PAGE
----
Just how much money do you need to be among the global 1 percent? According to the 2018 Global Wealth Report from Credit Suisse Research Institute, you need a net worth of $871,320 U.S. or $1,141,429.20 CDN using an exchange rate of 1.31 as of the time of this post.
Credit Suisse defines net worth, or “wealth,” as “the value of financial assets plus real assets (principally housing) owned by households, minus their debts.”
From page 29 of the report specifically addressing Canada, the average wealth per adult in Canada, at USD 288,260 ($377,620 CDN), is 29% lower than that in the United States. However, wealth is more equally distributed in Canada than in the United States, which accounts for the much higher median wealth in Canada – USD 106,340 ($139,305 CDN) compared with USD 61,670 ($80,787 CDN) in the United States. Relative to the United States, Canada has both a smaller percentage of people with less than USD 10,000 ($13,100 CDN) and a larger percentage above USD 100,000 ($131,000 CDN). Hurray, lets here it for more big government and social programs! Canada has 1.3 million millionaires, and accounts for 3% of the top 1% of global wealth holders, despite having only 0.6% of the world’s adults.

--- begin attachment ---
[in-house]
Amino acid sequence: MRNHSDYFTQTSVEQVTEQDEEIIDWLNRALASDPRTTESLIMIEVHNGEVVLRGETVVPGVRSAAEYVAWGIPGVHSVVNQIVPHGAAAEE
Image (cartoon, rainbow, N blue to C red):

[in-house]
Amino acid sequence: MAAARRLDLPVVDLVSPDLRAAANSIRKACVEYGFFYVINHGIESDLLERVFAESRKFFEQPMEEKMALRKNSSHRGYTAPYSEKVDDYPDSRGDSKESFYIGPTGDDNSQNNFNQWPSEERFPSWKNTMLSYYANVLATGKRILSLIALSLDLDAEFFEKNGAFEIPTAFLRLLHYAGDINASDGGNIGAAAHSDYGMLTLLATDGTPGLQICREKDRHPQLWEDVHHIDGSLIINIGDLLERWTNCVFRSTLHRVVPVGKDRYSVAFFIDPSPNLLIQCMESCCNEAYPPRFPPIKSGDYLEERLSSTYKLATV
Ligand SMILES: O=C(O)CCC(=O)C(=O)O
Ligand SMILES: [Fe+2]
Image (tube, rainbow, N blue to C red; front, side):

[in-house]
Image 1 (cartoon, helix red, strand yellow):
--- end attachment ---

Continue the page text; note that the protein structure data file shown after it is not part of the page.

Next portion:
The data sounds compelling until ones applies some math. We know, math is hard.
Consider though for a minute one of those “fortunate Canadian one percenters” with a whopping net worth of $1,141,429.20. Consider they live in an average home that they worked hard to pay off sitting there free and clear valued at the current Canadian average of $496,500.00. This alone leaves their investable net worth at $644,929.20. Consider now they are fortunate to be receiving an average return of 4% annually on those investments…wow that’s $25,797.17 in annual investment income. Take out of that $3000.00 a year alone in municipal property tax on that house and you’re down to $22,797.17 a year or $1899.76 per month. Wow, lavish! (We know, we know, for all you out there with the overwhelming confidence in government you can add an additional $18,616 per year in maximum CPP benefits if you hold off on collecting until your 70 and consider yourself incredibly blessed raking in $41,413 per year).
Now think for a minute of those other 99% of Canadians not in the 1 percent?
So then to conclude, what is the point of generating global wealth studies and comparisons? We’re not sure, other than to provide us all with a brief distraction and reprieve from what the future holds for us all.
Not only is math hard, its brutally honest.